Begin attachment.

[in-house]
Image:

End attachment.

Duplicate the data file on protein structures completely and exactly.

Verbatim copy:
[in-house]
Image: